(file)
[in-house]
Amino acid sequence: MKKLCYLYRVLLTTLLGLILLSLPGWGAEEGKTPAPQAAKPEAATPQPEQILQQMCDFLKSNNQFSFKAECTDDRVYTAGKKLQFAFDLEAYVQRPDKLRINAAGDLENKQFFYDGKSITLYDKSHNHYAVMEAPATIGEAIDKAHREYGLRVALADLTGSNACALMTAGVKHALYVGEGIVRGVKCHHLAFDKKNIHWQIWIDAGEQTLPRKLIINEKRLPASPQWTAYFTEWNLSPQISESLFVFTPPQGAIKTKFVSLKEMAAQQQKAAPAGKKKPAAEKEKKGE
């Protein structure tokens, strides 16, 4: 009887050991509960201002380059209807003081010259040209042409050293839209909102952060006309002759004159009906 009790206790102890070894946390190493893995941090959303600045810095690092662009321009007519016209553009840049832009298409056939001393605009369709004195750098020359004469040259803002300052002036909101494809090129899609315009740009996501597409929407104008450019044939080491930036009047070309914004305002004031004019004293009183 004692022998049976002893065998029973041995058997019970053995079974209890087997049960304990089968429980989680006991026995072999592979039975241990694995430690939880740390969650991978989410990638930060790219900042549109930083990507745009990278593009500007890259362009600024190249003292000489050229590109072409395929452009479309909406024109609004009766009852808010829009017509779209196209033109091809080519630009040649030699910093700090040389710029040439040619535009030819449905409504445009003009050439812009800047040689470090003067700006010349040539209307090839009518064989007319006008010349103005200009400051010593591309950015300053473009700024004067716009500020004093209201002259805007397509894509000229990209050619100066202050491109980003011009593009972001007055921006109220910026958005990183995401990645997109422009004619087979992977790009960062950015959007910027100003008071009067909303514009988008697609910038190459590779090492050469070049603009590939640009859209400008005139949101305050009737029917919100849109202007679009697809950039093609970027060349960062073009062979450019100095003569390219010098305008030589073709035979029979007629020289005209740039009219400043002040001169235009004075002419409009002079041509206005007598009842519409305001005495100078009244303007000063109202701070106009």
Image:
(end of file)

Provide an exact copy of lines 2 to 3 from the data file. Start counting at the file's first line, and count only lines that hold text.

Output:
Amino acid sequence: MKKLCYLYRVLLTTLLGLILLSLPGWGAEEGKTPAPQAAKPEAATPQPEQILQQMCDFLKSNNQFSFKAECTDDRVYTAGKKLQFAFDLEAYVQRPDKLRINAAGDLENKQFFYDGKSITLYDKSHNHYAVMEAPATIGEAIDKAHREYGLRVALADLTGSNACALMTAGVKHALYVGEGIVRGVKCHHLAFDKKNIHWQIWIDAGEQTLPRKLIINEKRLPASPQWTAYFTEWNLSPQISESLFVFTPPQGAIKTKFVSLKEMAAQQQKAAPAGKKKPAAEKEKKGE
């Protein structure tokens, strides 16, 4: 009887050991509960201002380059209807003081010259040209042409050293839209909102952060006309002759004159009906 009790206790102890070894946390190493893995941090959303600045810095690092662009321009007519016209553009840049832009298409056939001393605009369709004195750098020359004469040259803002300052002036909101494809090129899609315009740009996501597409929407104008450019044939080491930036009047070309914004305002004031004019004293009183 004692022998049976002893065998029973041995058997019970053995079974209890087997049960304990089968429980989680006991026995072999592979039975241990694995430690939880740390969650991978989410990638930060790219900042549109930083990507745009990278593009500007890259362009600024190249003292000489050229590109072409395929452009479309909406024109609004009766009852808010829009017509779209196209033109091809080519630009040649030699910093700090040389710029040439040619535009030819449905409504445009003009050439812009800047040689470090003067700006010349040539209307090839009518064989007319006008010349103005200009400051010593591309950015300053473009700024004067716009500020004093209201002259805007397509894509000229990209050619100066202050491109980003011009593009972001007055921006109220910026958005990183995401990645997109422009004619087979992977790009960062950015959007910027100003008071009067909303514009988008697609910038190459590779090492050469070049603009590939640009859209400008005139949101305050009737029917919100849109202007679009697809950039093609970027060349960062073009062979450019100095003569390219010098305008030589073709035979029979007629020289005209740039009219400043002040001169235009004075002419409009002079041509206005007598009842519409305001005495100078009244303007000063109202701070106009």